If you still have old fuel between tank and carb. Unhook line at carb, place fuel line in a catch bucket, crank for 15 seconds or so. Repeat until fresh fuel flows. Also look for a clogged screen at the carb inlet. While fuel hose is removed spray carb cleaner through the inlet. Don't over tighten the fuel inlet hose. Seen some inlet threads get stripped. Next, Remove idle mix screw facing the valve cover, hold carb primary wide open by hand and squirt cleaner into idle mix hole. Run idle mix screw all the way in but stop when you feel it bottom out. Reefing on it at as the needle bottoms out can damage the needle tip. Now back mix screw out 3 1/2 turns.

Make sure the idle fuel cutoff solenoid clicks when key is turned to the ON position. IOW, you should hear a click right before you commence the cranking.

Make sure the distributor if fully seated. As it spins the tip turns the oil pump. If not properly re-seated your engine can start but you won't get oil flow. Pretty common to hear about seized engines due to this oversight.
 

Dizzy

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If fuel ever goes dry in the bowl, consider the fuel to become varnish in the carb. I had a brand-new carb, bolted it on for a week, stored it for a year, took it apart, and spent quality time cleaning it. I should have just disassembled it before I stored it. A whole bunch of folks talk about Pin Head's video on YouTube for instruction. With experience, I can have my carb removed from the truck, disassembled, put together, and installed back on the truck in an hour(ish).
 
Joined
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Messages
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Central Texas
I lost spark! I checked the resistor and had ohms in range. My grounds look good. Distributer cap looks clean....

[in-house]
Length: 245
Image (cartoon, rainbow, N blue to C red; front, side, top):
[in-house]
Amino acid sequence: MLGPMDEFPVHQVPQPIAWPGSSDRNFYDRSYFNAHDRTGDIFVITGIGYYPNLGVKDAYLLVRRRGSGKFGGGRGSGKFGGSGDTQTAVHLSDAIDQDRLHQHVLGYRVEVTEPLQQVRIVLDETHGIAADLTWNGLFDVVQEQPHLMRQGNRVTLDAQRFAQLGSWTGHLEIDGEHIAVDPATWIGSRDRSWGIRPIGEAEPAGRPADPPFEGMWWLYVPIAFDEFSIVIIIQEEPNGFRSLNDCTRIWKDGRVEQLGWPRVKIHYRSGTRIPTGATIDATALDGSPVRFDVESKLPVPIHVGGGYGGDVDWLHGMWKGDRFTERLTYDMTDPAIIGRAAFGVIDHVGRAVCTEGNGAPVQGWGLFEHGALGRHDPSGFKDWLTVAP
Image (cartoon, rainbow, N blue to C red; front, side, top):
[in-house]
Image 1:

.... and Dizzy, I’m impressed with 1 hour to rebuild your carb!
 

Dizzy

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So, a non-electronic ignition will burn a coil out if the key is left in the "On" position without the distributor rotor turning, IIAC.
 
Joined
Apr 8, 2017
Messages
11
Location
Central Texas
If you had spark, the starting fluid should have been enough to make it briefly fire. Can also rig up a used water bottle to squirt fuel with a couple pin holes in cap.

If you still have old fuel between tank and carb. Unhook line at carb, place fuel line in a catch bucket, crank for 15 seconds or so. Repeat until fresh fuel flows. Also look for a clogged screen at the carb inlet. While fuel hose is removed spray carb cleaner through the inlet. Don't over tighten the fuel inlet hose. Seen some inlet threads get stripped. Next, Remove idle mix screw facing the valve cover, hold carb primary wide open by hand and squirt cleaner into idle mix hole. Run idle mix screw all the way in but stop when you feel it bottom out. Reefing on it at as the needle bottoms out can damage the needle tip. Now back mix screw out 3 1/2 turns.

Make sure the idle fuel cutoff solenoid clicks when key is turned to the ON position. IOW, you should hear a click right before you commence the cranking.

Make sure the distributor if fully seated. As it spins the tip turns the oil pump. If not properly re-seated your engine can start but you won't get oil flow. Pretty common to hear about seized engines due to this oversight.
Great information. Really appreciate the step by step. I missed your reply earlier but going to follow your advice tomorrow.